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John Dickson Carr
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    (November 30, 1906-February 27, 1977)
    Born in Uniontown, Pennsylvania
    Author of mysteries
    Created the detectives Dr. Fell and Sir Henry Merrivale
    Titles include 'The Hollow Man' (1935), 'The Crooked Hinge' (1938), 'The Judas Window' (1938), 'The Case of the Constant Suicides' (1941), 'He Who Whispers' (1946), 'A Graveyard To Let' (1949) and 'The House at Satan's Elbow' (1965)
    He also used the fairly transparent pseudonym Carter Dickson.
    He would write for 18 hour stretches, forgetting to eat meals.
    He criticized hard-boiled detective writers like Raymond Chandler and Dashiell Hammett as 'clueless.'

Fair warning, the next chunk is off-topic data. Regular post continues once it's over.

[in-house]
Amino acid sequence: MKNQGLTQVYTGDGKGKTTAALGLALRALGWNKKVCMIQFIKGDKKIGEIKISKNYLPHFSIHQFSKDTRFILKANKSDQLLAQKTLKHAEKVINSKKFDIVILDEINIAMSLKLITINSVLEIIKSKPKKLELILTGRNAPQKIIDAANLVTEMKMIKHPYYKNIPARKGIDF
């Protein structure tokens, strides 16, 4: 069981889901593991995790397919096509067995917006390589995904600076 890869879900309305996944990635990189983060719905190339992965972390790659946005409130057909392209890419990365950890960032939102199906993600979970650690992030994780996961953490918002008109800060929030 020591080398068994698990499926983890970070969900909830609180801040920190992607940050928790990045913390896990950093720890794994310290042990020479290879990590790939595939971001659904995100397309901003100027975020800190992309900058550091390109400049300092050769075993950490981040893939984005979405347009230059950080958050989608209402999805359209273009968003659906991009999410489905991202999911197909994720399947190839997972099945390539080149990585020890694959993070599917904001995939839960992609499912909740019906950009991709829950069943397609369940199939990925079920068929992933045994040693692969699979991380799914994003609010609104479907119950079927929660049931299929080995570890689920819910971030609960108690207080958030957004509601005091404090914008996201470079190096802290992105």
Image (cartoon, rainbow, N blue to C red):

Chandler called him a 'pipsqueak.'
    One of his admirers admitted, 'Carr wasn't remotely interested in offering realism or relevance' and 'His plots strained credibility in the extreme.'
    He based his detective Dr. Fell on author G.K. Chesterton.
    He wrote WWII propaganda for the BBC.
    He was chosen by the estate of Arthur Conan Doyle to write his biography, which received a Special Edgar Award from the Mystery Writers of America.
    He was considered the greatest master of the impossible 'locked room mystery.'
    Kingsley Amis said, 'He raises ingenuity to the level of genius.'

Credit: C. Fishel

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